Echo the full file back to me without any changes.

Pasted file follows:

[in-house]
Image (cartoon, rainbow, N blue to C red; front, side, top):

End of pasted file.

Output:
[in-house]
Image (cartoon, rainbow, N blue to C red; front, side, top):